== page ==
Suspense! This is Dejah Leger's crankie box with the wonderful doors. We were getting ready to rehearse for one of the many Seattle Crankie Fests.
When I am performing outdoors at summer festivals (we will get back to that!) during the day, obviously, I do not backlight the scroll. But when performing in a low light situation, either indoors or outdoors, I
do love to backlight the scroll. It helps the viewer focus on the crankie and eliminates potential visual clutter around the box.
The amount of light you need depends on the thickness of the scroll.
A thin, translucent parchment paper needs less light than two thicknesses of felt. If the light is too strong, you will get a "hot spot" in the middle of the screen. Not enough light, and images will be hard to see. You may need to experiment with different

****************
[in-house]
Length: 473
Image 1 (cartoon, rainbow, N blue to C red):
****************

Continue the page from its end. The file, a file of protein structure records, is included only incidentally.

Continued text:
wattages of bulbs.
There are lots of different ways to light the box. After ten years of crankie performing, this is what I have learned and this is how I do it. Cheap and simple!
- a cheapo clamp light from the hardware store
- an LED lightbulb will give you a more diffuse light, less likely to have a "hot spot" in the middle which "lights out" the image.
- for Tyvek scrolls I use a 25 Watt LED light bulb. For thicker felt scrolls, I use a higher wattage. You can also connect a dimmer switch to the clamp light to adjust the light. Make sure the LED bulb is marked "dimmable."
- I angle the clamplight towards the bottom of the crankie box, not perpendicular to the scroll which is more likely to create a hot spot.